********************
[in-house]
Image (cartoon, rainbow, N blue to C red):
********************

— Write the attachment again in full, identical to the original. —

[in-house]
Image (cartoon, rainbow, N blue to C red):